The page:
The Riff - January 2011

The Hook Up: Relationship Advice For the Gases

| Mon Jan. 31, 2011 7:59 PM EST

Have you been wondering how to help a girlfriend who has a gas problem or what to do when your partner treats you like her child? Look no further than my latest AfterEllen advice column. Excerpt:

I don’t know how to put this delicately, so I’ll just say it: My girlfriend has a gas problem. Her diet is great (she’s a chef even!) and she’s not like obnoxious about it or anything. She leaves the room when she can, but man, sometimes it smells so foul that I want to fumigate her entire gastrointestinal tract. I know in the long run, this is not a big deal, but it’s still gross and I don’t really know how to deal with it! Help! — Bean There, Done That

Anna says: Finally, a serious question! Happy New Year to me. I will help your wind-breaker transform into the beautiful firework that Katy Perry intended us all to be, minus the explosions I guess. So maybe one of those sparklers or ashy snake things.

According to The Mayo Clinic, which has devoted several web pages to the topic, but is probably useless for Trivial Pursuit nights, the leading cause of gas is bad digestion. The big dietary offenders are: beans, onions, broccoli, cauliflower, cabbage, radishes, peanuts, raw apples, dairy and foods heavy in preservatives. So if she’s eating any of those with regularity, tell her to drop that faster than a straight-to-DVD Olsen Twins movie. Another biggie is soy, which is heavily processed and hence harder for us to digest. As someone who has dated my fair share of vegans, I can personally attest to the havoc that tofu has wreaked on the conjugal bed! Less common, but no less poignant, causes for gas involve eating too quickly, drinking from a straw, and listening to too much Taylor Swift....

Read the rest at AfterEllen

Advertise on MotherJones.com

In Egypt and Beyond, Democracy Through...Soccer?

| Mon Jan. 31, 2011 7:20 PM EST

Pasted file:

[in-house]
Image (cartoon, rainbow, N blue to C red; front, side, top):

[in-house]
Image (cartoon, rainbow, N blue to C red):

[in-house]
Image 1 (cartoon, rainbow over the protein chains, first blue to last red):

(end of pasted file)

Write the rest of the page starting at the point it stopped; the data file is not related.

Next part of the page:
At Sports Illustrated, Dave Zirin analyzes the role of Egypt's "most organized, militant" soccer clubs in organizing opposition to the Mubarak government. He quotes Egyptian  blogger Alaa Abd El Fattah, who told Al-Jazeera that the clubs "have played a more significant role than any political group on the ground at this moment." Explains Zirin:

The critical role of Egypt's soccer clubs may surprise us, but only if we don't know the history that soccer clubs have played in the country. For more than a century, the clubs have been a place where cheering and anti-government organizing have walked together in comfort. Egypt's most prominent team, Al Ahly,  started its club in 1907 as a place to organize national resistance against British colonial rule. The word Al Ahly translated into English means "the national," to mark their unapologetically political stance against colonialism. Al Ahly has always been the team with the most political fans. It's also a team that's allowed its players to make political statements on the pitch even though this is in direct violation of FIFA dictates. It's no coincidence that  it was Al Ahly's star player Mohamed Aboutrika, aka "the Smiling Assassin," who in 2008 famously raised his jersey revealing the T-shirt, which read  "Sympathize with Gaza."

Soccer fans are notorious troublemakers. Egyptians are prime offenders: In 2009 things got ugly after a heated match against nearby Algeria. Here are some other examples of the sport's political side in the region:

Gang of Four Finds Its Rare Essence

| Mon Jan. 31, 2011 7:45 AM EST

Circa 1979, on the recommendation of a nerdy record-store clerk, I bought a rust-colored LP called Entertainment!, the debut full-length from the British group Gang of Four. I was immediately intrigued. Led by the songwriting core of singer Jon King and guitarist Andy Gill, the foursome had created a sound that stood apart, even at a time of great experimentation in rock and roll. It sounded neither like the punk rock that preceded it, nor the synth-driven music emerging with bands like Devo, the B-52s, and dozens more.

Gang of Four's songs were dark, stark, and spare, the lyrics deadpan, the beats martial yet funky, the guitar lines jagged as the obliteration of a beer bottle (as Kurt Vonnegut might put it) with a ball-peen hammer. King's politics-infused-yet-metaphorical lyrics evoked images of a Western culture run amok. The band's lone love song was an anti-love song, the distortion-laden "(Love Like) Anthrax." Even the cynical album title was a perfect companion for youthful alienation. It rarely left my turntable.

Happy Fred Korematsu Day

| Sun Jan. 30, 2011 1:00 PM EST

Mother Jones' guest blogger Angilee Shah is a Los Angeles-based freelance journalist who writes about globalization and politics. You can read more of her work at www.angileeshah.com.

This weekend, American civil rights activists celebrate a new icon: Fred Korematsu, the Japanese-American who resisted placement in a World War II-era internment camp. It's the first holiday in the US commemorating an Asian-American—and it's proof to some judges and civil rights activists that a new generation of Asian-American leaders can't be far behind.

Korematsu's story is an instructive one for civil rights advocates.